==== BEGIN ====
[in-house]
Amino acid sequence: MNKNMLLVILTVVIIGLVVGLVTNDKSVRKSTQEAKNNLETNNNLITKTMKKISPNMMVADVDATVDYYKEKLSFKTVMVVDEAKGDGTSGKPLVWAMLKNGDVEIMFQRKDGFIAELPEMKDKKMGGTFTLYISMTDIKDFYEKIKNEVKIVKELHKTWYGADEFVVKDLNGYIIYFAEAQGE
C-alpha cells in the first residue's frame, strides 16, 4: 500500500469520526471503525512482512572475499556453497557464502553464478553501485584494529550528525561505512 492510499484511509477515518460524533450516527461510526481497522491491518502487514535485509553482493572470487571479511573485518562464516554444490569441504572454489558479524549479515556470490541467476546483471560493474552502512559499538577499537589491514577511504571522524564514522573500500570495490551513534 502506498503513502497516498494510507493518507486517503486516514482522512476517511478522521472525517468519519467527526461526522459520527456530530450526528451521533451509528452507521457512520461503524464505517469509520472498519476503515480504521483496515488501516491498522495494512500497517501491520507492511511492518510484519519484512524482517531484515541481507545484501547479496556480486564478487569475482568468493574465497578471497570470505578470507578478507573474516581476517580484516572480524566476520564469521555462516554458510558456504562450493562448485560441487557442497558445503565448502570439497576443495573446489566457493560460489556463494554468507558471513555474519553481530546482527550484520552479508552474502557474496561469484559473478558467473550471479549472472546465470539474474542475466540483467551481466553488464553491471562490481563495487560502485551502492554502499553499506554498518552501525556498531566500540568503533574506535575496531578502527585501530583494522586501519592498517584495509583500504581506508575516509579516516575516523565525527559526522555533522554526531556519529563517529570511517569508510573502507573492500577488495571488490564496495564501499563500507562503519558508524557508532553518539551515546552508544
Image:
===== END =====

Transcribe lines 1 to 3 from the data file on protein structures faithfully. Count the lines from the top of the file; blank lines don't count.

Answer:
[in-house]
Amino acid sequence: MNKNMLLVILTVVIIGLVVGLVTNDKSVRKSTQEAKNNLETNNNLITKTMKKISPNMMVADVDATVDYYKEKLSFKTVMVVDEAKGDGTSGKPLVWAMLKNGDVEIMFQRKDGFIAELPEMKDKKMGGTFTLYISMTDIKDFYEKIKNEVKIVKELHKTWYGADEFVVKDLNGYIIYFAEAQGE
C-alpha cells in the first residue's frame, strides 16, 4: 500500500469520526471503525512482512572475499556453497557464502553464478553501485584494529550528525561505512 492510499484511509477515518460524533450516527461510526481497522491491518502487514535485509553482493572470487571479511573485518562464516554444490569441504572454489558479524549479515556470490541467476546483471560493474552502512559499538577499537589491514577511504571522524564514522573500500570495490551513534 502506498503513502497516498494510507493518507486517503486516514482522512476517511478522521472525517468519519467527526461526522459520527456530530450526528451521533451509528452507521457512520461503524464505517469509520472498519476503515480504521483496515488501516491498522495494512500497517501491520507492511511492518510484519519484512524482517531484515541481507545484501547479496556480486564478487569475482568468493574465497578471497570470505578470507578478507573474516581476517580484516572480524566476520564469521555462516554458510558456504562450493562448485560441487557442497558445503565448502570439497576443495573446489566457493560460489556463494554468507558471513555474519553481530546482527550484520552479508552474502557474496561469484559473478558467473550471479549472472546465470539474474542475466540483467551481466553488464553491471562490481563495487560502485551502492554502499553499506554498518552501525556498531566500540568503533574506535575496531578502527585501530583494522586501519592498517584495509583500504581506508575516509579516516575516523565525527559526522555533522554526531556519529563517529570511517569508510573502507573492500577488495571488490564496495564501499563500507562503519558508524557508532553518539551515546552508544